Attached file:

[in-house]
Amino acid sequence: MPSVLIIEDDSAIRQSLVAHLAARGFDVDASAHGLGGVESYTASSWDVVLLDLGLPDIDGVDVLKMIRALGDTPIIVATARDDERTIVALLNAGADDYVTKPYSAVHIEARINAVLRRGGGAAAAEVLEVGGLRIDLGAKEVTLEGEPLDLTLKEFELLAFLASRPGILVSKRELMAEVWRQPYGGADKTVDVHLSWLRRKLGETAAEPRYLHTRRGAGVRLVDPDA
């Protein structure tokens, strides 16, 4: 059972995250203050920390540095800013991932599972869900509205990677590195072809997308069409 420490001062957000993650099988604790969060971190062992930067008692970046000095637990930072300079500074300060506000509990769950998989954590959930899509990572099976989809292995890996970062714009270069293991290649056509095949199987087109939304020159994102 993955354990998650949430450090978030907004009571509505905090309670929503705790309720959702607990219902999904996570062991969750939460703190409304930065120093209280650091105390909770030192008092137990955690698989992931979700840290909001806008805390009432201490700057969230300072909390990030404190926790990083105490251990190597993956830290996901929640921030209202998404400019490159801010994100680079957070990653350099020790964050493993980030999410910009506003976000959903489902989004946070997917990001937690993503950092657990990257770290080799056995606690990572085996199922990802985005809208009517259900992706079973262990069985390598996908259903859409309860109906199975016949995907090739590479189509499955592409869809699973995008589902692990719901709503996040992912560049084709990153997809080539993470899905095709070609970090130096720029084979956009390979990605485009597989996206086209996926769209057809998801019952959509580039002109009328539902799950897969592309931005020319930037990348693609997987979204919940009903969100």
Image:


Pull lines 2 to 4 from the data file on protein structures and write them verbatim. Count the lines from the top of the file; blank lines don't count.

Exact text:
Amino acid sequence: MPSVLIIEDDSAIRQSLVAHLAARGFDVDASAHGLGGVESYTASSWDVVLLDLGLPDIDGVDVLKMIRALGDTPIIVATARDDERTIVALLNAGADDYVTKPYSAVHIEARINAVLRRGGGAAAAEVLEVGGLRIDLGAKEVTLEGEPLDLTLKEFELLAFLASRPGILVSKRELMAEVWRQPYGGADKTVDVHLSWLRRKLGETAAEPRYLHTRRGAGVRLVDPDA
């Protein structure tokens, strides 16, 4: 059972995250203050920390540095800013991932599972869900509205990677590195072809997308069409 420490001062957000993650099988604790969060971190062992930067008692970046000095637990930072300079500074300060506000509990769950998989954590959930899509990572099976989809292995890996970062714009270069293991290649056509095949199987087109939304020159994102 993955354990998650949430450090978030907004009571509505905090309670929503705790309720959702607990219902999904996570062991969750939460703190409304930065120093209280650091105390909770030192008092137990955690698989992931979700840290909001806008805390009432201490700057969230300072909390990030404190926790990083105490251990190597993956830290996901929640921030209202998404400019490159801010994100680079957070990653350099020790964050493993980030999410910009506003976000959903489902989004946070997917990001937690993503950092657990990257770290080799056995606690990572085996199922990802985005809208009517259900992706079973262990069985390598996908259903859409309860109906199975016949995907090739590479189509499955592409869809699973995008589902692990719901709503996040992912560049084709990153997809080539993470899905095709070609970090130096720029084979956009390979990605485009597989996206086209996926769209057809998801019952959509580039002109009328539902799950897969592309931005020319930037990348693609997987979204919940009903969100």
Image: